far beyond what the school's- Pf; Europ<
teach. And >-ear following year, in in
creasing numbers, _young Europeans ar<
coming over here" to grasp,; the traininj
that our 'universities are giving and t<
absorb the technique .and the thorough
practicalness that ; are- making America!
scientists masters Cf men.
"Adapted" wasythe word Prof Menden?
hall used in speaking of .European meth?
ods and the American universit?s, "rathei
than adopted." . But it has been very muci
more than that Brushing traditions aside
these institutions .of learning went long
ago to the root pf the matter. Tear by
year they have been building. up their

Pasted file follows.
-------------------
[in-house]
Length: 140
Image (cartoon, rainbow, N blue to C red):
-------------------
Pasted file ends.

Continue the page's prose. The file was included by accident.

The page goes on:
equipment, strengthening their courses.
Questions of finance and whether it would
all pay they have politely laughed at.
Money was needed for this and for that.
Well, the chiefs would see that L was ob?
tained. Machinery was necessary. At
once the great manufacturers were laid
.under contribution,- and they sent as gifts
machines worth thousands.
The technical sctibol, - presidents knew
how to arouse - the sympathetic under?
standing of men Pf means and fore?
thought. Benefactors for this and for that
crowded in, their gifts were chronicled in
the news of the day, commented upon as
vast, the figures added up and admired.
But no one saw the significance.
Year after year students came out of
courses of engineering, of medicine and
surgery, of chemistry, pf electricity, of
marine engineering, of agriculture and
forestry and went into workaday life.
Hitherto the scientific' college man had
not been held in very high regard. Manu?
facturers had wanted men who had grown